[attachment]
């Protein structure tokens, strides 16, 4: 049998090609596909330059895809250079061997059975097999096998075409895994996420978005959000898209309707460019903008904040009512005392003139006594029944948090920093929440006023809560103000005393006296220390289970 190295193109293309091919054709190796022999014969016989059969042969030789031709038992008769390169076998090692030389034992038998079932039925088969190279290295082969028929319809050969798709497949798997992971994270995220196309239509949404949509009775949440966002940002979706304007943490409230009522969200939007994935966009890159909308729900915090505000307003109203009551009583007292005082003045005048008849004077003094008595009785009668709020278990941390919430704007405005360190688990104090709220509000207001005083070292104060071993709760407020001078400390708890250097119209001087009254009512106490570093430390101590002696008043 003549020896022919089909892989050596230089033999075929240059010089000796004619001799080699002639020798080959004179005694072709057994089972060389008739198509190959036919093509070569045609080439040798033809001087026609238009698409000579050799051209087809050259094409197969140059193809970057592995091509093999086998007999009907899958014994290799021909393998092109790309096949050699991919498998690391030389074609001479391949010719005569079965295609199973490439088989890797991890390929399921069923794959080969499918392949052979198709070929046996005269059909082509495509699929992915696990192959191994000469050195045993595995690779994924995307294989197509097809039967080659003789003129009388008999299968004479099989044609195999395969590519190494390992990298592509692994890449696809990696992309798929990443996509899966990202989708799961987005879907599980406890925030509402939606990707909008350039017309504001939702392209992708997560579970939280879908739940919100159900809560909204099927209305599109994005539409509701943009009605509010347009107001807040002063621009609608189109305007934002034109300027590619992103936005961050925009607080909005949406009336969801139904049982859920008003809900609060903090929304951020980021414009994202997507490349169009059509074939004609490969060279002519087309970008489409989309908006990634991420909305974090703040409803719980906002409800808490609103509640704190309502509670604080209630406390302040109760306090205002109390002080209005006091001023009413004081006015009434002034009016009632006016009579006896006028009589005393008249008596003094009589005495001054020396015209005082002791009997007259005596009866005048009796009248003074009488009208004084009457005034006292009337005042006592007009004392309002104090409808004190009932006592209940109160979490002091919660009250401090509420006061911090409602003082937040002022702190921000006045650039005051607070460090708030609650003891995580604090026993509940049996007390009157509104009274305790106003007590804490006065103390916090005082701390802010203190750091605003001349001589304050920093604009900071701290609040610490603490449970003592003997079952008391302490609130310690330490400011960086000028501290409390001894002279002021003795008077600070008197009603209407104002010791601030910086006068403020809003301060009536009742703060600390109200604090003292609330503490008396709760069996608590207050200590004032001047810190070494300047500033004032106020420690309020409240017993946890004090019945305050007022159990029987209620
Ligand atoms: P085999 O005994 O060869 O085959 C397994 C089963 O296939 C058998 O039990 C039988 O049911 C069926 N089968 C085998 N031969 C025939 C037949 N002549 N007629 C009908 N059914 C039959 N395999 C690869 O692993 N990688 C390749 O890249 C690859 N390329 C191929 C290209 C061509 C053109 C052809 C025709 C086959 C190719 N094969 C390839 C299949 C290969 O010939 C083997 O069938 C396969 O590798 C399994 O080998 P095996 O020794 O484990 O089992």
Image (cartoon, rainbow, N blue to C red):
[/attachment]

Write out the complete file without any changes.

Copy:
């Protein structure tokens, strides 16, 4: 049998090609596909330059895809250079061997059975097999096998075409895994996420978005959000898209309707460019903008904040009512005392003139006594029944948090920093929440006023809560103000005393006296220390289970 190295193109293309091919054709190796022999014969016989059969042969030789031709038992008769390169076998090692030389034992038998079932039925088969190279290295082969028929319809050969798709497949798997992971994270995220196309239509949404949509009775949440966002940002979706304007943490409230009522969200939007994935966009890159909308729900915090505000307003109203009551009583007292005082003045005048008849004077003094008595009785009668709020278990941390919430704007405005360190688990104090709220509000207001005083070292104060071993709760407020001078400390708890250097119209001087009254009512106490570093430390101590002696008043 003549020896022919089909892989050596230089033999075929240059010089000796004619001799080699002639020798080959004179005694072709057994089972060389008739198509190959036919093509070569045609080439040798033809001087026609238009698409000579050799051209087809050259094409197969140059193809970057592995091509093999086998007999009907899958014994290799021909393998092109790309096949050699991919498998690391030389074609001479391949010719005569079965295609199973490439088989890797991890390929399921069923794959080969499918392949052979198709070929046996005269059909082509495509699929992915696990192959191994000469050195045993595995690779994924995307294989197509097809039967080659003789003129009388008999299968004479099989044609195999395969590519190494390992990298592509692994890449696809990696992309798929990443996509899966990202989708799961987005879907599980406890925030509402939606990707909008350039017309504001939702392209992708997560579970939280879908739940919100159900809560909204099927209305599109994005539409509701943009009605509010347009107001807040002063621009609608189109305007934002034109300027590619992103936005961050925009607080909005949406009336969801139904049982859920008003809900609060903090929304951020980021414009994202997507490349169009059509074939004609490969060279002519087309970008489409989309908006990634991420909305974090703040409803719980906002409800808490609103509640704190309502509670604080209630406390302040109760306090205002109390002080209005006091001023009413004081006015009434002034009016009632006016009579006896006028009589005393008249008596003094009589005495001054020396015209005082002791009997007259005596009866005048009796009248003074009488009208004084009457005034006292009337005042006592007009004392309002104090409808004190009932006592209940109160979490002091919660009250401090509420006061911090409602003082937040002022702190921000006045650039005051607070460090708030609650003891995580604090026993509940049996007390009157509104009274305790106003007590804490006065103390916090005082701390802010203190750091605003001349001589304050920093604009900071701290609040610490603490449970003592003997079952008391302490609130310690330490400011960086000028501290409390001894002279002021003795008077600070008197009603209407104002010791601030910086006068403020809003301060009536009742703060600390109200604090003292609330503490008396709760069996608590207050200590004032001047810190070494300047500033004032106020420690309020409240017993946890004090019945305050007022159990029987209620
Ligand atoms: P085999 O005994 O060869 O085959 C397994 C089963 O296939 C058998 O039990 C039988 O049911 C069926 N089968 C085998 N031969 C025939 C037949 N002549 N007629 C009908 N059914 C039959 N395999 C690869 O692993 N990688 C390749 O890249 C690859 N390329 C191929 C290209 C061509 C053109 C052809 C025709 C086959 C190719 N094969 C390839 C299949 C290969 O010939 C083997 O069938 C396969 O590798 C399994 O080998 P095996 O020794 O484990 O089992």
Image (cartoon, rainbow, N blue to C red):